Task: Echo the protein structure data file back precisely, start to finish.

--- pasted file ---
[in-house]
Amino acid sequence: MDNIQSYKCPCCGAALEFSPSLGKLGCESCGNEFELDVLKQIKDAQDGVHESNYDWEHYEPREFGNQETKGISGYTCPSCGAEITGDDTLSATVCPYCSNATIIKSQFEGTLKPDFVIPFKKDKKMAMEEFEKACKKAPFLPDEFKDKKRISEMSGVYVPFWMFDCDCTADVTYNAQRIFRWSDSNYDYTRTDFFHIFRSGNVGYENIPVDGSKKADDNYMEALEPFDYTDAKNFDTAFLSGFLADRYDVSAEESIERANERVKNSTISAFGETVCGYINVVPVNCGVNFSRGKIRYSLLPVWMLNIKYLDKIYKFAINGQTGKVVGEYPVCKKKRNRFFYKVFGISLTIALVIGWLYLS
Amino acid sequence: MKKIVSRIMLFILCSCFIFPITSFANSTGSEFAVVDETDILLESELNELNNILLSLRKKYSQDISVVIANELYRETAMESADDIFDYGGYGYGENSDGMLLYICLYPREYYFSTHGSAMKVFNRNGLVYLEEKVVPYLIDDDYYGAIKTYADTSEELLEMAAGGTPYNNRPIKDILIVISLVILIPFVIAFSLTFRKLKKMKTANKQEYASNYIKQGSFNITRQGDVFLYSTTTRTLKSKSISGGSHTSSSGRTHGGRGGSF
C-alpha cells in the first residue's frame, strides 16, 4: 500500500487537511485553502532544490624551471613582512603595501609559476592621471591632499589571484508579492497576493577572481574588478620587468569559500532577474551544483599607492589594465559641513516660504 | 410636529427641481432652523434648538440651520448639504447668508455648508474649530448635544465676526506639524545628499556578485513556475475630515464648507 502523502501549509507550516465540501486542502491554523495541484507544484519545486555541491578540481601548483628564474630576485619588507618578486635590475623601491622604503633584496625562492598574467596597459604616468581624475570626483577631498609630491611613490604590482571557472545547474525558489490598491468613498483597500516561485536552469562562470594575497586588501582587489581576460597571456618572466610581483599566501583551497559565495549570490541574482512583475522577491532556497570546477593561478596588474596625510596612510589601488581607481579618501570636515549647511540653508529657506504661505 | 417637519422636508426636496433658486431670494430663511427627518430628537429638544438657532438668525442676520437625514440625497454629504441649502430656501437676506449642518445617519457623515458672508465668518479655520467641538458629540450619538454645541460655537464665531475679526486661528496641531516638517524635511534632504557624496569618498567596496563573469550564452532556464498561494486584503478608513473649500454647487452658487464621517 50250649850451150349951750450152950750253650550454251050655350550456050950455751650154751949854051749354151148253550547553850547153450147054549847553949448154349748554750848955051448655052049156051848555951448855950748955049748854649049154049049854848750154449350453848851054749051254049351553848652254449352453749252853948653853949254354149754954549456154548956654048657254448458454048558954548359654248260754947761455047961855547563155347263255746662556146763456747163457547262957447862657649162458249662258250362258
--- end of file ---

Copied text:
[in-house]
Amino acid sequence: MDNIQSYKCPCCGAALEFSPSLGKLGCESCGNEFELDVLKQIKDAQDGVHESNYDWEHYEPREFGNQETKGISGYTCPSCGAEITGDDTLSATVCPYCSNATIIKSQFEGTLKPDFVIPFKKDKKMAMEEFEKACKKAPFLPDEFKDKKRISEMSGVYVPFWMFDCDCTADVTYNAQRIFRWSDSNYDYTRTDFFHIFRSGNVGYENIPVDGSKKADDNYMEALEPFDYTDAKNFDTAFLSGFLADRYDVSAEESIERANERVKNSTISAFGETVCGYINVVPVNCGVNFSRGKIRYSLLPVWMLNIKYLDKIYKFAINGQTGKVVGEYPVCKKKRNRFFYKVFGISLTIALVIGWLYLS
Amino acid sequence: MKKIVSRIMLFILCSCFIFPITSFANSTGSEFAVVDETDILLESELNELNNILLSLRKKYSQDISVVIANELYRETAMESADDIFDYGGYGYGENSDGMLLYICLYPREYYFSTHGSAMKVFNRNGLVYLEEKVVPYLIDDDYYGAIKTYADTSEELLEMAAGGTPYNNRPIKDILIVISLVILIPFVIAFSLTFRKLKKMKTANKQEYASNYIKQGSFNITRQGDVFLYSTTTRTLKSKSISGGSHTSSSGRTHGGRGGSF
C-alpha cells in the first residue's frame, strides 16, 4: 500500500487537511485553502532544490624551471613582512603595501609559476592621471591632499589571484508579492497576493577572481574588478620587468569559500532577474551544483599607492589594465559641513516660504 | 410636529427641481432652523434648538440651520448639504447668508455648508474649530448635544465676526506639524545628499556578485513556475475630515464648507 502523502501549509507550516465540501486542502491554523495541484507544484519545486555541491578540481601548483628564474630576485619588507618578486635590475623601491622604503633584496625562492598574467596597459604616468581624475570626483577631498609630491611613490604590482571557472545547474525558489490598491468613498483597500516561485536552469562562470594575497586588501582587489581576460597571456618572466610581483599566501583551497559565495549570490541574482512583475522577491532556497570546477593561478596588474596625510596612510589601488581607481579618501570636515549647511540653508529657506504661505 | 417637519422636508426636496433658486431670494430663511427627518430628537429638544438657532438668525442676520437625514440625497454629504441649502430656501437676506449642518445617519457623515458672508465668518479655520467641538458629540450619538454645541460655537464665531475679526486661528496641531516638517524635511534632504557624496569618498567596496563573469550564452532556464498561494486584503478608513473649500454647487452658487464621517 50250649850451150349951750450152950750253650550454251050655350550456050950455751650154751949854051749354151148253550547553850547153450147054549847553949448154349748554750848955051448655052049156051848555951448855950748955049748854649049154049049854848750154449350453848851054749051254049351553848652254449352453749252853948653853949254354149754954549456154548956654048657254448458454048558954548359654248260754947761455047961855547563155347263255746662556146763456747163457547262957447862657649162458249662258250362258